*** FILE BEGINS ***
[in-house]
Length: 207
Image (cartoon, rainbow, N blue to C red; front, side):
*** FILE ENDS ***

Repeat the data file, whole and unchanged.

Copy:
[in-house]
Length: 207
Image (cartoon, rainbow, N blue to C red; front, side):